Spirits were believed to be constituted by that classical ‘fifth element’ – ether, ‘lux’, ‘spirit’ or subtle light. The mundane world was believed to founded, composed and constituted by four philosophical ‘elements’: earth, water, air and fire. Fire was closest in nature to this ‘ether’ which was itself believed to be a form of light, and the substance which all gods and spirits were supposed to be made from.  ‘Spirit’ or ‘ether’ was supposed to be able to represent all of the four mundane worldly qualities – this is why the ancients believed it to be the substance of the ‘otherworld’. This worldview dominated ancient European cultures as late as the 17th century CE after which the anti-pagan paradigms of monotheism couched in Enlightenment era science did away with it as a main force.

Where was the otherworld?

To answer this depends upon reconciling a number of apparent contradictions about location. In medieval Irish prose-tales, ‘otherwordl’ locations such as Mag Mell, Tir Taingaire or Tir nan Og etc are typified as existing in the west, often as distant islands full of magical folk. In the case of Tech Duin and the Isle of Man, these are very real and visible islands, for which ‘west’ is relative. At the same time, the otherworld might also be encountered underground in the Sid mounds, or at liminal points in the landscape, the seasons or the day. Our night-time appears to represent the working daytime of those denizens we call spirits, elves and fairies. People took care never to speak ill of fairies as they were frequently belieed to be very much nearby. The otherworld is therefore both near and distant. Recalling the description I just gave of the ancient ‘elemental’ philosophy, one might say that the world was perfused and pervaded by ‘spirit’ which was the framework around which the mundane elements worked.

The otherworld’s moral philosophy:

How did ‘fairies’ influence behaviour and maintain a moral code without recourse to written statutes? By acting as a counter-ballast to actions in the mundane world. It was ‘Newton’s laws of motion’ and the ‘first law of thermodynamics’ expressed in the timeless empiricism of European pagan spirituality:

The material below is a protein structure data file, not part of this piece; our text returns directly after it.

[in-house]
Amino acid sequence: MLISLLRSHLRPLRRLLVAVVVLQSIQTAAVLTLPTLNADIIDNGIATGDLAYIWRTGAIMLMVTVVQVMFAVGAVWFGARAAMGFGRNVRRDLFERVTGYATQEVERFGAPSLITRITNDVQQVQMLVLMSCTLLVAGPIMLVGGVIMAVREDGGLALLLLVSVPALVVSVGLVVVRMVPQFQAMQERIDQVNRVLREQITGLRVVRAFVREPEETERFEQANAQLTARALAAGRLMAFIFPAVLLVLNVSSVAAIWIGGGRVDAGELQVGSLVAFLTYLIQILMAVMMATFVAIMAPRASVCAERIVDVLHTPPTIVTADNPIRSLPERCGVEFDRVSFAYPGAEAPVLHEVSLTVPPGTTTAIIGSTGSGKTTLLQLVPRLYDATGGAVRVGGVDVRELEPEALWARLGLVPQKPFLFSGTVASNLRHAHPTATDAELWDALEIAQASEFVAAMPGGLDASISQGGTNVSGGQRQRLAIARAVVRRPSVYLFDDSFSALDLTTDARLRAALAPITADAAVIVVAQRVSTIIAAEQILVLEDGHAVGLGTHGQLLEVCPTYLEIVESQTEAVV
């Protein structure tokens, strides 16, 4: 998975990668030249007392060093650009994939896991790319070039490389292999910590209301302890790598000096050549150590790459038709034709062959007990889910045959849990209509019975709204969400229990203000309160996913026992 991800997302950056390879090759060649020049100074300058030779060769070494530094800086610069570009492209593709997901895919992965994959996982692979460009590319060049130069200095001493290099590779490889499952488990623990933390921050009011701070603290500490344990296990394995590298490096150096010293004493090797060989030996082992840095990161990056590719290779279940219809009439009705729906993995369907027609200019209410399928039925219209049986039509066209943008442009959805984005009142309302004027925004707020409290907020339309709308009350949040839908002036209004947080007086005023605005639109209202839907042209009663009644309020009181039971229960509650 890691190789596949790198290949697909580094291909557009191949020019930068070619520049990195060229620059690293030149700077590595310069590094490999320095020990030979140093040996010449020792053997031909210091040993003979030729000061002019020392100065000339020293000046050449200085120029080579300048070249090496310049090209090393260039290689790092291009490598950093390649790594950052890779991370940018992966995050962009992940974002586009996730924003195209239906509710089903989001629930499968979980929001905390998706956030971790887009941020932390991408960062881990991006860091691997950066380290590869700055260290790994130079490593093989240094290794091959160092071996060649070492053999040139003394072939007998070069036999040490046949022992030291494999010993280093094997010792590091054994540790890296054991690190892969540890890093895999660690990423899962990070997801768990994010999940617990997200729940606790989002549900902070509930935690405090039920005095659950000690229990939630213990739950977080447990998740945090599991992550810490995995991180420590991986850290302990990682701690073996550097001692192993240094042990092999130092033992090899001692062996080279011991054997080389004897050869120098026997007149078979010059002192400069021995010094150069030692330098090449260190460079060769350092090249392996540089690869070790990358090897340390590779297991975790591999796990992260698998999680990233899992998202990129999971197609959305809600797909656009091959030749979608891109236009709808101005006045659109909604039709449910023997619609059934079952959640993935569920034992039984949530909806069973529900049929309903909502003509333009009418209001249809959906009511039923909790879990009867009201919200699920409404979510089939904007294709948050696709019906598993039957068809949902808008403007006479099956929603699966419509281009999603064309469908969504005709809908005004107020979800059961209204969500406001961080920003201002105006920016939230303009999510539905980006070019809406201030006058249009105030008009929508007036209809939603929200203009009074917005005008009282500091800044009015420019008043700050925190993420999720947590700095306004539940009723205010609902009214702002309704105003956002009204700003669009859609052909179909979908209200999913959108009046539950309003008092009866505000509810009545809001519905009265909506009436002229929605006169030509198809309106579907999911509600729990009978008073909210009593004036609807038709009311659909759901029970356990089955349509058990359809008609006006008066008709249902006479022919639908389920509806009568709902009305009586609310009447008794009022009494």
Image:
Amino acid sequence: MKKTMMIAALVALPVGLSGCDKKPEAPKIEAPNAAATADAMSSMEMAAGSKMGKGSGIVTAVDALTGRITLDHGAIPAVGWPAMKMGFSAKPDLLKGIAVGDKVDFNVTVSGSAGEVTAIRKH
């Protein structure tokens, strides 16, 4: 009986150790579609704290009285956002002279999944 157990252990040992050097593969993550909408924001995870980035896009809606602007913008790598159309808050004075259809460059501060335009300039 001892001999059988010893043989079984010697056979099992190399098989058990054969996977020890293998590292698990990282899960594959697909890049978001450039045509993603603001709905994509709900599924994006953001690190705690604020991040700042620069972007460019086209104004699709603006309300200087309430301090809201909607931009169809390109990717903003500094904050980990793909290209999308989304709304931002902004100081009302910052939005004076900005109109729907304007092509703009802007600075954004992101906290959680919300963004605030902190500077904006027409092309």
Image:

Take too much from this world, and the otherworld will come for its portion.

Tread a middle path and the otherworld will treat you the same.

The poor and humble are wealthy and great in the next life.

From decay comes generation.

All of these ideas hinged upon the otherworld/afterlife doctrine of cyclical continuity. We know that ancient Greek philosophers such as Pythagoras and others were influenced by the ‘philosophers’ of the Atlantic Europeans, otherwise known as druids. They later wrote about this and admitted it (eg – Diogenes Laertius).

We have to ask ourselves to what degree these ideas were pervading contemporary philosophers among the Hellenized peoples of the Mediterranean, middle east and asia minor during the early Roman Empire: Jesus of Nazareth in particular, whose own story and philosophies and eventual act of self-sacrifice appear to mimic the practices the Romans were busy trying to stamp out in Gaul, Britannia etc.

I shall finish with the words of Pliny (1stC AD) who had this to say about the druids:

…we cannot too highly appreciate our debt to the Romans for having put an end to this monstrous cult, whereby to murder a man was an act of the greatest devoutness, and to eat his flesh most beneficial.

He could just as likely have been referring to another religion that was  just starting out among a group of philosophical Hellenic Jews in the middle east…

One thought on “Moral philosophy and the Atlantic European ‘Otherworld’

  1. Pingback: Tinneas Sidhe: Afflictions from the Fairy Realm. | The Atlantic Religion